Phase IB

In January, Phase 1B began in Illinois, allowing frontline essential workers and residents 65 and older to get the vaccine. Frontline workers include those who carry a higher risk of COVID-19 exposure because of their work duties, often because they are unable to work from home, or they have to socially distance in order to perform their job duties. This includes first responders and healthcare workers, as well as those in the following fields and industries: K-12 education, food and agriculture, manufacturing, corrections officers and inmates, postal, public transit, grocery stores, and daycare centers.

House Bill 2455

Legislation signed into law provides worker compensation benefits for those essential workers who contract COVID-19 while on the job under specific conditions. Governor J.B. Pritzker signed H.B. 2455 into law, which provides death benefits for first responders who were infected with COVID-19 on duty and also revises state code to expand unemployment benefits and enhance sick pay and leave for workers who contract the virus. However, under the bill, employers can refute claims under certain conditions:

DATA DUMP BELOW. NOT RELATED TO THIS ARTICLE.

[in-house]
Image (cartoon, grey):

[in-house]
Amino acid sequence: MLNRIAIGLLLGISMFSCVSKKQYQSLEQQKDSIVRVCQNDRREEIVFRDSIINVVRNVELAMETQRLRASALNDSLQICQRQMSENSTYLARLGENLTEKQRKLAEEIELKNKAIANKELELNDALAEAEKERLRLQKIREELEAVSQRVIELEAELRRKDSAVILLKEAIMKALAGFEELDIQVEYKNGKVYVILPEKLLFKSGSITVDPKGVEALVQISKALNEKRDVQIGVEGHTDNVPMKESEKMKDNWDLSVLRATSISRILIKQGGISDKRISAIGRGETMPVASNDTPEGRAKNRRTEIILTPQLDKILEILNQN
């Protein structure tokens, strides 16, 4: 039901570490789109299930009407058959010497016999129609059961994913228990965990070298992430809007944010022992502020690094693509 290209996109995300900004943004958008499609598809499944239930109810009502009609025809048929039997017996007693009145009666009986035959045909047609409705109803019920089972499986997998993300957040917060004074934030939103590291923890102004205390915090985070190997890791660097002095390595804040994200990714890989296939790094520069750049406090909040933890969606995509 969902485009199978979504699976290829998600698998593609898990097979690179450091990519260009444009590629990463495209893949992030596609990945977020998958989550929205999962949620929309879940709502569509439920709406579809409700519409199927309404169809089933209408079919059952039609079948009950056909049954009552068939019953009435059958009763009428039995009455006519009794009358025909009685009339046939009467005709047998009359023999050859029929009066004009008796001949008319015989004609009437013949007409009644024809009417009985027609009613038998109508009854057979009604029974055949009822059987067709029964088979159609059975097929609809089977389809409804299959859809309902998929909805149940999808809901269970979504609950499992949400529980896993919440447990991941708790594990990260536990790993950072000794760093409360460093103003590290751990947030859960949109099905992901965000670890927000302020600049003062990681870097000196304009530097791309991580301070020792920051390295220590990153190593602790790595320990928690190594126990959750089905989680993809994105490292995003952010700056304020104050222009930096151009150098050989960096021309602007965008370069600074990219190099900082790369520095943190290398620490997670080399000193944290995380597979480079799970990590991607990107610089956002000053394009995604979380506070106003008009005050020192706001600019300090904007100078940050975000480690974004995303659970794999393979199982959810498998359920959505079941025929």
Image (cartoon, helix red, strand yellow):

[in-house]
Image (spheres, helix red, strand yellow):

• An employer can show that the company was adhering to public health guidelines for 14 days prior to when the employee claims they contracted the virus.
  • The employer can prove that the worker was exposed by a source outside of the company.
  • The employee was working remotely from home for a minimum of 14 days before filing the claim.

Call a Chicago Workers’ Comp Attorney

The coronavirus pandemic has impacted our daily lives in many ways. With a vaccine being distributed now, Illinois employees may be wondering if COVID-related illness is covered by workers’ compensation benefits. At the Law Offices of Francis J. Discipio, our reputable Cook County workplace injury lawyers are well-versed in workers’ comp laws, including new legislation regarding the virus. To schedule a free consultation, call us today at 630-574-2288.

 

Sources:

https://coronavirus.illinois.gov/s/phase-1b

https://www.ilga.gov/legislation/ilcs/ilcs3.asp?ActID=2430